Welcome to Bespoke Brunch Reads — a linkfest of the favorite things we read over the past week. The links are mostly market related, but there are some other interesting subjects covered as well. We hope you enjoy the food for thought as a supplement to the research we provide you during the week.

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Profiles

This Vegan Billionaire Disrupted the Crypto Markets. Stocks May Be Next. by Alexander Osipovich (WSJ)

The founder of FTX is introducing 24-hours-per-day stock trading, betting markets in anything, and more as he seeks to new markets for his exchange, FTX. [Link; paywall]

Quantum Leap by Akshat Rathi (Bloomberg)

One of the largest battery SPACs has spent a decade chewing through venture capital funding and is still years from a final product, despite being a lynchpin in VW’s plans for electrical vehicles. [Link; soft paywall]

Big Geography

China’s hydropower grab in the Himalayas by Michael Cruickshank (Substack)

A remote valley high in the largest mountain range on earth is the likely site of China’s next massive infrastructure project: the largest dam on the planet. [Link]

Google Earth is now a 3D time machine by Ron Amadeo (Ars Technica)

A new feature will allow users to move backwards in time as much as 20 years in order to see how landscapes are changing. [Link]

International Politics

Notes on the Political Economy of Britain by Matthew Zeitlin (Substack)

A dissection of what makes the UK such a complicated picture in terms of both economics and politics: a heavy reliance on services and a output highly concentrated in and around just one city. [Link]

The Dollar’s Sliding Share in Global Currency Reserves Is a Red Herring by Mike Bird (WSJ)

While the share of the dollar hit a 25 year low as a share of official reserves, driven by increases in the share of reserves held in euros and yen. But those shifts mask important details underpinning the dollar’s still-dominant role in the global financial system. [Link; paywall]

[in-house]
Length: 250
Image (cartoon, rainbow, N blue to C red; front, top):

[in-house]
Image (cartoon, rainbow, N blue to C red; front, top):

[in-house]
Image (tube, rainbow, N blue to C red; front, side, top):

Texas Innovation

Fifty Years Ago a Texan Changed Happy Hour Forever by Patricia Sharpe (Texas Monthly)

Early in the 1970s, a young restauranter in Dallas gave up on blended margs and introduced the first frozen margarita, taking inspiration from 7-11’s ubiquitous Slurpee machines. [Link]

Domino’s, Nuro to begin autonomous pizza deliveries in Houston by Rebecca Bellan (TechCrunch)

An autonomous delivery company will start dropping pizzas off to customers without involving a driver this week in Houston. [Link]

Vaccines

CDC Identifies Small Group of Covid-19 Infections Among Fully Vaccinated Patients by Robbie Whelan (WSJ)

The CDC has been able to identify less than 6,000 COVID cases among the more than 66 million Americans who have been fully vaccinated against the disease. [Link; paywall]

How Long Do Covid-19 Vaccines Provide Immunity? by Sumathi Reddy (WSJ)

Follow-up studies to the initial approvals of COVID vaccines suggest immunity lasts at least six months, and could be significantly longer; unfortunately we won’t know how long the shots ward off the disease until more time has passed from the initial doses. [Link; paywall]

Sports

Pitcher Hope Trautwein Throws A Perfect Game Of All Strikeouts by Chad Campbell (NPR)

A softball hurler from the University of North Texas made history Sunday, striking out the entire opposing side in each at-bat; the feat has never been pulled off in NCAA Division 1 softball history. [Link]

The Pop Warner Offense That Confounded Sean Payton, and What It Says About Offensive Innovation in the NFL by Chris Brown (Grantland)

A Pop Warner coach managed to get the best of an NFL signal caller not once but twice thanks to a throwback offense that dates to the earliest days of the game. [Link]

Personal Finances

Two thirds of adults haven’t used cash in over 12 months by George Iddenden (Charged Retail)

A UK survey found that 64% of UK adults haven’t used physical cash in the past year, driven by the growing use of contactless payments. [Link]

New Investors Discover Tax Pitfalls of Robinhood and Other Trading Apps by Laura Saunders (WSJ)

Free-to-trade equity market apps make it easy to move in and out of positions, but a lot harder to optimize for taxes, which many new traders are finding out the hard way. [Link]

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Have a great weekend!

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